Johannesburg - The DA in Gauteng is flirting with the
Economic Freedom Fighters (EFF) ahead of the elections, in what could end up as
a coalition of strange bedfellows, the City Press reports.
DA Gauteng premier candidate Mmusi Maimane has admitted
that the issue of a coalition government has come up in informal conversations
between himself and leaders of the EFF and the ANC.
A coalition government in South Africa’s economic
heartland will be necessary if the ANC garners less than 50% support in the 7 May
“Dali [Mpofu, EFF premier candidate] and I go to enough
events together, so it comes up in conversation,” Maimane said.
“There is a sense of collegiality about job creation and
corruption. As opposition parties, we are against a government that is corrupt
in the main.”
However, Maimane did say that this was a personal
view. DA leader Helen Zille said the party would consider coalitions, but
only under “very clear conditions”.
“If we cannot get the critical portfolios we need to do
our work properly, we would rather stay in opposition.
“There is only one thing worse than losing an election
and that’s an unstable, irreconcilable coalition torn apart by internal
conflict and unable to govern.”
DA leaders in Gauteng told City Press the party was
willing to enter into a coalition with the ANC, or even the EFF in the
province, in exchange for “critical positions” in portfolios like education and
Internal and external polls in the past month show the
ANC’s support in Gauteng fluctuating between 48% and 52%. The province has 6 million
registered voters, making it a prime election prize.
There are serious divisions in the DA’s leadership over a
suitable partner for the party if, for the first time in 20 years, the ANC does
not win an absolute majority (51%) in Gauteng.
Young Turks in the DA’s federal council said they would
“rather work with the EFF any day than with the ANC”.
But the more experienced council members believed a
coalition with the EFF was “inconceivable” and would result in “absolute
City Press sister publication Rapport understands from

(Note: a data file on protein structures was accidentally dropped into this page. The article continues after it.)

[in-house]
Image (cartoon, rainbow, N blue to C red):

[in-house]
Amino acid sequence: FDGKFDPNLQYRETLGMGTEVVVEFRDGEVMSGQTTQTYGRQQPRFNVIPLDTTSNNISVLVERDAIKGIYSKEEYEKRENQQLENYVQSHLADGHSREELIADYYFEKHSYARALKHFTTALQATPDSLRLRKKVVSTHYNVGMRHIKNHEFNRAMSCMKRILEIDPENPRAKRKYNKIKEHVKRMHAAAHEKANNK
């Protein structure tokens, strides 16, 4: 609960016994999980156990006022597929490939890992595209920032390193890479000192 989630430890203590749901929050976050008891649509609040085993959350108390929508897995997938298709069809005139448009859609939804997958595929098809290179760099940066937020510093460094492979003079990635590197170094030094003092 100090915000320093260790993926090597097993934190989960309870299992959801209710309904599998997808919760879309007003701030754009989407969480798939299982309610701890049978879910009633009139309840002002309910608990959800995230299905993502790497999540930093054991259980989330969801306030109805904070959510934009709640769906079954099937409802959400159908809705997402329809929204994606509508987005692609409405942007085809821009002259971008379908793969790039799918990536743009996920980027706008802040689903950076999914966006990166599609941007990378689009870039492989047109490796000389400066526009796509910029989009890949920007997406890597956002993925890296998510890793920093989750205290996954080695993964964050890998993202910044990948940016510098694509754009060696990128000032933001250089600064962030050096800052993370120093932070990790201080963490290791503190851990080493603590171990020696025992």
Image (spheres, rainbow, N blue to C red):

sources in the DA’s federal council, as well as national and parliamentary
Senior DA candidates in Gauteng have been in discussions
with Mpofu regularly. The talks have apparently been “positive”.
The federal council has already appointed a “small group
of people” to consider every possible coalition scenario and the party is in
the process of putting together a negotiating team to handle the mediation with
possible coalition partners.
According to a senior member of the federal council, any
coalition agreement would be made under strict conditions and “in the best
interests of DA voters in Gauteng”.
The DA apparently realises that a coalition with
President Jacob Zuma’s ANC or Julius Malema’s EFF could severely antagonise, or
even alienate its supporters.
Young members in the DA leadership feel that the EFF is
harmless at provincial level since it would not be able to carry out its more
radical policies, such as nationalisation and land expropriation, unless it was
in national government.
Older members of the DA’s federal council believed there
was a “slim chance” of a coalition with the ANC working, while a coalition with
the EFF would be a big mistake.
Mpofu, who with Floyd Shivambu is a negotiator for the
EFF, denied that any negotiations with the DA about possible coalitions were
under way before the elections.
“If we have to adopt coalitions, then we’ll have to cross
the bridge at that time. Whoever is in a coalition with us must accept our
principles of land expropriation, nationalisation, free education, and so on,”
However, an EFF national leader, who spoke on condition
of anonymity, said whatever negotiations were under way at the moment were
informal. He said the party would rather wait for the elections to know how it
had performed before it entered into any pacts.
He also said the party envisaged a scenario where the
opposition rallied behind it and ruled Gauteng together.
“But the DA’s bosses in Stellenbosch are likely to say
the ANC is closer to them than the EFF,” he said. He said in that case,
the ANC and the DA would govern together while the EFF built its support from
the opposition benches.
Mpofu said he had not spoken to Maimane and would prefer
talks only after the elections.
Gauteng DA leader John Moodey said Maimane was part of
the talks with the EFF and other smaller parties to try to determine “where we
are in agreement”.
“Our talks are to see if we can reach a point where we can
agree,” he said. David Makhura, Gauteng ANC secretary and premier
candidate, said a coalition government was not on the cards.
“We are not planning to get anything less than 60%. We
are not planning a coalition. We have fundamental differences with all the
other parties contesting the election,” he said.
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